Group Publishing
CMM0514
Subscribe Button

Project Kickstart

Lesleigh Keetch

Creative thinking motivates.

Sometimes your wider church community is the best resource you have when it comes to recharging your volunteers' enthusiasm. Here's how these leaders lean on their church community for inspiration.

• Platinum Partnerships-"Church staffs are full of talented and experienced men and women. Even though they may not be working with children's programming, they can be a great resource for ideas and inspiration," says Spidle. Encouraging your team members to bond with volunteers and leaders in other areas for ideas and motivation is a great way to inspire friendships and renewed energy.

Ministry communities should encourage one another, says Wong. "I ask our pastors and leadership to thank our team, to let them know it matters that they're ministering to the kids," she says.

• Teacher Cooperation-Some teachers get an energy boost from combining efforts with other teachers. Be willing to step back and allow some freedom and creative approaches to teaching, advises Martinez.

"Actually, just giving teachers the freedom to do their projects is very motivating. They can get together and share ideas," says Martinez.

• Planned Relief-The children's ministry staff at Southeast Christian Church spends a lot of time talking about how to recruit and motivate volunteers.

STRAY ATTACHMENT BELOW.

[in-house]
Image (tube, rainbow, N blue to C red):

"We try to plan several breaks through the year for our volunteers. We can't always give everyone a day off, but we can plan special programming where the responsibilities are lighter," says French. Puppet shows, planned parties, and movies help mix things up and motivate volunteers.

Personal connections motivate.

Chances are, your volunteers are with you because they believe in the vision of the ministry and want to make a difference. There's no better way to motivate people than to let your volunteers know the concrete impact they're making.

• Shared Impact-Give your volunteers personal reasons to cheer, advises Spidle.

"When you learn that a child has accepted Jesus, signed up for baptism, or has had his or her young life impacted, share the news with volunteers," says Spidle. "It can have a tremendous effect on volunteers' commitment to ministry."

• Personal Investments-Wong asks her volunteers to personalize a section of each lesson because it makes teaching a more personal experience.

"I ask volunteers to read their lessons with themselves in mind. How has God worked in their life?" says Wong.

"Our leaders are asked to invest in the lives of the kids in their group and become role models," agrees French.

• Prayer-"Prayer works!" says Spidle. She suggests specifically asking church staff and prayer teams to pray for your volunteers and your ministry. Let your volunteers know people care about what they're doing and are praying for them. cm

Lesleigh Keetch is a freelance writer in Durango, Colorado.

Print Article Print Article
 
Childrensministry.com Blog network
 
Copyright © 2014 by Group Publishing, Inc.